Mexican Immigrant Population Largest in United States

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New U.S. citizen Davies Garcia, 11, originally from Mexico, holds an American flag during a naturalization ceremony conducted by U.S. Citizenship and Immigration Services (USCIS), on September 14, 2018 in Los Angeles, California.
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The largest group of immigrants in the United States in 2021 was from Mexico, according to data analysis by the Migration Policy Institute (MPI). 

However, while the Mexican immigrant population dramatically outpaced Indian immigrants (the second largest group at 6%) in 2021, only 23.6% of all immigrants arrived from Mexico. MPI explains that 44.4% of immigrants to the U.S. arrived from a smattering of other countries: “For countries not in the top ten, the immigrant population is aggregated in the ‘other countries’ category. The growth of this category over time indicates that the immigrant population comes from increasingly diverse national origins.”

The American immigrant populations in 2021 are also vastly different from those in 1960, the first data MPI included in their analysis. That year, Italian immigrants were the largest group with 12.9%, with “other countries” representing 28.8%.

The MPI clarifies that the “term ‘immigrants’ (also known as the foreign born) refers to people residing in the United States who were not U.S. citizens at birth. This population includes naturalized citizens, lawful permanent residents (LPRs), certain legal nonimmigrants (e.g., persons on student or work visas), those admitted under refugee or asylee status, and persons illegally residing in the United States.”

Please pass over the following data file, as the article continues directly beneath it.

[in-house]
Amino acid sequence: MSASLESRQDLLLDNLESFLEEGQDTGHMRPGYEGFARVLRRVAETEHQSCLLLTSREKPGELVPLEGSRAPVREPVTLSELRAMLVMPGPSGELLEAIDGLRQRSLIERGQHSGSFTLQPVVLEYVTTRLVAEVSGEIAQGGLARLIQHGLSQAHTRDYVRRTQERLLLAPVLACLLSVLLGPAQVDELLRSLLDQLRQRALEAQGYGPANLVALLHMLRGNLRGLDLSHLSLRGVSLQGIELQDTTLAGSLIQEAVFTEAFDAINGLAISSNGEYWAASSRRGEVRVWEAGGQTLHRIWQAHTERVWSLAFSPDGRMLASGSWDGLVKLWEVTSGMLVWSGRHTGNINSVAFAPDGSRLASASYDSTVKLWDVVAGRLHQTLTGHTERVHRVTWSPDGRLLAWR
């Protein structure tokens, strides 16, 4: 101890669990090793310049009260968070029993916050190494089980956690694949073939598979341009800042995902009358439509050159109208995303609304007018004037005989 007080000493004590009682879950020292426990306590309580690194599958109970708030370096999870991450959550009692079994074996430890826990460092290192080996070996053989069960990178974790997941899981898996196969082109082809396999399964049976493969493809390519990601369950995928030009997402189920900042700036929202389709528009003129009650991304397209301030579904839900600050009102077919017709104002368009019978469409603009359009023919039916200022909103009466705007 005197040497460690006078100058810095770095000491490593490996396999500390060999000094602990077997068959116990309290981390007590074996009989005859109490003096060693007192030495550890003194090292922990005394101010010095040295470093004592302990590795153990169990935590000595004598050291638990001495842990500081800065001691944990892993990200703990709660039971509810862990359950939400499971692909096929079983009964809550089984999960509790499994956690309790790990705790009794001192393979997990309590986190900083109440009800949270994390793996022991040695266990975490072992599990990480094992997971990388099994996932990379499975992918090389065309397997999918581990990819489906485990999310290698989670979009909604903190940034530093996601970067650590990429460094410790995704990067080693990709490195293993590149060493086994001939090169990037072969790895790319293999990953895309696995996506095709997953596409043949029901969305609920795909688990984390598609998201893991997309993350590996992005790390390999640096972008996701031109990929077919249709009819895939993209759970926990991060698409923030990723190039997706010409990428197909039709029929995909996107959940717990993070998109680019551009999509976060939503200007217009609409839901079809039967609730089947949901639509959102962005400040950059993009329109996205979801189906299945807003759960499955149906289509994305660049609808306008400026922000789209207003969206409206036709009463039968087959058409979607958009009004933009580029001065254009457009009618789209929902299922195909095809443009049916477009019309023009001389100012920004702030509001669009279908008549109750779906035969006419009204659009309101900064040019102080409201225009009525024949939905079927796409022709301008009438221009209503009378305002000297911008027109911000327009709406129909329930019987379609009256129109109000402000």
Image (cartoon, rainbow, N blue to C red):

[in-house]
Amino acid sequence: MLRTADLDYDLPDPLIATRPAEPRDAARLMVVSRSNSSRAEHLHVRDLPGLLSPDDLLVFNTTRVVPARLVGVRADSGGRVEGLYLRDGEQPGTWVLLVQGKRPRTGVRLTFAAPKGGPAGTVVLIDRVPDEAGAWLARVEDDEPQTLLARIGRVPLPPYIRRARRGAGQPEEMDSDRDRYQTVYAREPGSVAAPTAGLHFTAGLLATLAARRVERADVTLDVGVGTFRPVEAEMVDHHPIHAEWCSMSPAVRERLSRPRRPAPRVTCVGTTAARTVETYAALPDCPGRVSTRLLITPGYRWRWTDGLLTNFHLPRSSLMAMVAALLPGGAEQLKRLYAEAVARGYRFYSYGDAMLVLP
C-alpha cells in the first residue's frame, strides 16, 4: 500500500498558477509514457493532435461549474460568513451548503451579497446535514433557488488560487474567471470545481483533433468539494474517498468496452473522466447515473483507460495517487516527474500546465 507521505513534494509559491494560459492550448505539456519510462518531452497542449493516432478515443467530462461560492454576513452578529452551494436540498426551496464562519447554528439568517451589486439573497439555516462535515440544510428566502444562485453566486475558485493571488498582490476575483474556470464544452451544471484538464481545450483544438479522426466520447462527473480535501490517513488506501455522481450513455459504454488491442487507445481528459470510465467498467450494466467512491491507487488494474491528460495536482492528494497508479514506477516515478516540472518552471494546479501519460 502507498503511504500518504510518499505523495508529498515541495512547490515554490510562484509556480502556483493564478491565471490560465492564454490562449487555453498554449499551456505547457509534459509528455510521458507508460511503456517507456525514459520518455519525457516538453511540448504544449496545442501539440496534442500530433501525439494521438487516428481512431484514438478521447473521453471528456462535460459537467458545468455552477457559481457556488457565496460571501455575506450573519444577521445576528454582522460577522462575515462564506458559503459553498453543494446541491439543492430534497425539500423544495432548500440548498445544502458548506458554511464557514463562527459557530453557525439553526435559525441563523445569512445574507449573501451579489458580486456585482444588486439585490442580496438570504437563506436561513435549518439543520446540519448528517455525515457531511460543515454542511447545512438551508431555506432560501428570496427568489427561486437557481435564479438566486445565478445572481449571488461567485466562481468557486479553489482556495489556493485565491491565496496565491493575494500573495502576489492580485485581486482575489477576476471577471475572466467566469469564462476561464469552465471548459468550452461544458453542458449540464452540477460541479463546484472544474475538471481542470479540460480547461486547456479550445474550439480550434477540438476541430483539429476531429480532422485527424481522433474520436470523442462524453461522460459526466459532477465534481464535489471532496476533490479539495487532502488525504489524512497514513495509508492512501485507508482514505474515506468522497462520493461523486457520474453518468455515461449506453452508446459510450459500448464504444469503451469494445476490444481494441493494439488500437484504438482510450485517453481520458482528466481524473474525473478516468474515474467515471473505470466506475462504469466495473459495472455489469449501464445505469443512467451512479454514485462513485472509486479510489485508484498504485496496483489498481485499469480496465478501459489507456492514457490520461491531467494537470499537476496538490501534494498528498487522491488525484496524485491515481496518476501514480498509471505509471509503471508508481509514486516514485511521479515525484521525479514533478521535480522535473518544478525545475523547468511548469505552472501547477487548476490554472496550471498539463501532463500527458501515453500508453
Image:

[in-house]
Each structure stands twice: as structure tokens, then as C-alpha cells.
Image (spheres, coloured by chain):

The top 10 counties in 2021 were:

Mexico 23.6%

India 6.0%

China 5.3%

Philippines 4.4%

Vietnam 3.0%

El Salvador 3.1%

Cuba 2.8%

Dominican Republic 2.8%

Guatemala 2.4%

Korea 2.2%

The top 10 countries in 1960 were:

Italy 12.9%

Germany 10.2%

Canada 9.8%

United Kingdom 8.6%

Poland 7.7%

Soviet Union 7.1%

Mexico 5.9%

Ireland 3.5%

Austria 3.1%

Hungary 2.5%

Discussion Questions

1. Prior to reading this article, did you have assumptions about American immigrants’ countries of birth? For example, did you assume more immigrants were from Mexico? Explain your answer(s).

2. What historical events and policies might have contributed to the differences between the immigrant populations in 1960 and 2021?


Migration Policy Institute, “Largest U.S. Immigrant Groups over Time, 1960-Present,” (accessed Apr. 24, 2023)